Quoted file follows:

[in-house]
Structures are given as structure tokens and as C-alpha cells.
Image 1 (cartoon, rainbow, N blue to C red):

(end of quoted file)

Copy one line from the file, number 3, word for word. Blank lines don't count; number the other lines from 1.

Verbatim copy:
Image 1 (cartoon, rainbow, N blue to C red):